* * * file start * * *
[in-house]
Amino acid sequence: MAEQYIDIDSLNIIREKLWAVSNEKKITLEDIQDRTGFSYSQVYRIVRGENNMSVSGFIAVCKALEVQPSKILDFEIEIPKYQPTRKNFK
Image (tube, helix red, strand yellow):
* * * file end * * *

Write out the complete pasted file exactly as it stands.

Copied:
[in-house]
Amino acid sequence: MAEQYIDIDSLNIIREKLWAVSNEKKITLEDIQDRTGFSYSQVYRIVRGENNMSVSGFIAVCKALEVQPSKILDFEIEIPKYQPTRKNFK
Image (tube, helix red, strand yellow):